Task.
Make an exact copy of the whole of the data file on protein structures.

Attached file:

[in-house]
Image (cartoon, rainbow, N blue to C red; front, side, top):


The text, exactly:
[in-house]
Image (cartoon, rainbow, N blue to C red; front, side, top):